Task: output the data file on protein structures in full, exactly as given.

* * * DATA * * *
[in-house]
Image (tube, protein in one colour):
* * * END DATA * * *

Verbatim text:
[in-house]
Image (tube, protein in one colour):